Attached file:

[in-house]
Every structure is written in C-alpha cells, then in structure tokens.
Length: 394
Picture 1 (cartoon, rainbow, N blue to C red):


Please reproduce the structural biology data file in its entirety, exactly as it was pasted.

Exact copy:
[in-house]
Every structure is written in C-alpha cells, then in structure tokens.
Length: 394
Picture 1 (cartoon, rainbow, N blue to C red):